Paying full tuition for online classes, or even a hybrid model, makes no sense. Nobody should have to pay the same amount of tuition for a lower quality of education. 

One of the draws of attending Pacific is the intimacy of one-on-one instruction with a smaller environment of students. Students are able to be individually recognized, appreciated, and taught by staff and their peers. A screen removes that level of connection. It removes the individual from the campus, their peers, and their teachers. Students now maintain their same course loads, spending hours at a computer screen, with limited physical human interaction. It sucks, but the student body has adjusted to the circumstances. Why hasn’t tuition adjusted to the circumstances?

It’s true that administration never could have anticipated schooling during COVID-19. But students are Pacific’s customers. Pacific is a business, and education is the product. It’s clear that the product has been altered, reduced, and shrunk to fit a structure that doesn’t suit that majority of students. And yet we’re still paying the same price. 

Pacific helped students by giving $500 grants, and organizing a student emergency fund. The school reduced technology and recreation fees. They’re even giving students a free semester. The aid helps and gives some relief, but let’s be honest. That’s just a drop in the bucket when students are paying $46,000 a year.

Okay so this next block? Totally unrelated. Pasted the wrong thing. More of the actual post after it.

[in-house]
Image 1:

There’s also a catch to the free semester. Student’s have to attend Pacific for the 2020-2021 school year. Graduating in the fall of 2020 makes a student ineligible for the free semester. The free semester is specifically designed for students to take part in sports, performances, events, ensembles, and community engagement they missed out on. These students who graduate early have likewise felt the burden of schooling during COVID-19. They endured Zoom lecture after Zoom lecture, and maintained heavy online course loads. They gave up sports, musical performances, and events. Yet the university dismisses their eligibility and fails to recognize a portion of the student body who are equally deserving of the free semester. 

Additionally, millions of Americans now face unemployment because of the pandemic. Even reducing tuition by 5% would help students and families who have been laid off. With the circumstances of the nation, Pacific could adjust their tuition to match the quality of the education. Maybe then students wouldn’t have to choose between supporting themselves and continuing their degree. — Hannah Kendall

Photo: Stock image from Pixabay

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Hannah Kendall is a senior Journalism student from Prescott Valley, Arizona. When she’s not writing or worrying about her student debt, Hannah enjoys listening to music and dancing.

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